The strategy To maximise my age-pension entitlement.
Can I do that? As this week's cover story outlines, qualifying for even $1 of age pension can be a big help in making ends meet as you are eligible for the pensioner concession card and all the discounts that come with it. If you have lost money on your investments, it may be worth reviewing your Centrelink entitlements as you could now be able to claim a higher part-pension or qualify for one if you were not eligible before.
The managing director of Eureka Financial Group, Greg Cook, says many retirees think the cut off for the pension assets test is much lower than it is.
In fact, a couple who own their own home can have $1.018 million in assets (not including their home) before they miss out, and non-home owners up to $1.153 million. For singles, the cut-offs are $686,000 and $821,000.
There is also an income test that basically allows a couple to earn up to $2522 a fortnight before losing their pension, and singles up to $1647.60.
So how can I ensure I get the maximum pension possible? The manager of advice development at ipac Securities, John Dani, says the days of using complicated strategies to gain an age pension have gone as the rules are now more straightforward. He says some people give money away or spend up on renovations (as the family home is exempt) to reduce their assets before claiming the pension but you "need to be careful not to cut off your nose to spite your face". Generally, what these people gain from Centrelink is not as much as they would have earned from investment returns on that money.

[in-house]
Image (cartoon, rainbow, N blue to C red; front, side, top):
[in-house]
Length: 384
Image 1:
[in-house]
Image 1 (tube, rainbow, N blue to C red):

Dani says there are also limits on gifting that also apply to the five years before you receive the Centrelink benefit. You can only give away $10,000 in any financial year up to a maximum of $30,000 over a consecutive five-year period. If you exceed these limits, the excess is treated as a "deprived asset", which means you are still assessed as owning it for five years.
Dani says if you are in a relationship whereby one partner is older than the other, the younger partner's superannuation is not taken into account in determining the older partner's pension eligibility. So there may be an argument for boosting this partner's super before the older partner retires, possibly even using strategies such as splitting the older partner's super by transferring contributions to the younger partner's account.
The director of Strategy Steps, Louise Biti, says retirees also need to look at what they are earning on such things as bank accounts, term deposits and investments. "These will all be deemed to earn a certain rate of return, so you need to make sure you're at least earning the deeming rate," she says.
The deeming rate is 3 per cent on the first $44,600 for singles receiving a pension and 4.5 per cent on any investments in excess of that. For couples, the lower rate applies on the first $74,400.
Biti says allocated pensions are treated concessionally for the pension income test so there are advantages in getting money into super before you reach pension age.
She says some advisers are also using strategies involving family trusts and insurance bonds to minimise retirees' income for Centrelink purposes.
Money held in family trusts is not subject to deeming instead, the income test applies to the actual taxable income generated by the trust. If the trust invests in insurance bonds, there is no taxable income because the insurance company pays tax on the earnings and the investor receives the bond plus earnings back "tax free" after 10 years.
Biti says the benefits should be weighed against the fact that insurance bonds lock your money away for 10 years (you can redeem earlier but you lose some of the tax benefits) and the insurance company pays tax at the rate of 30 per cent.
This is higher than the rate paid by many older Australians who, thanks to the Senior Australians Tax Offset, pay little or no tax on their income.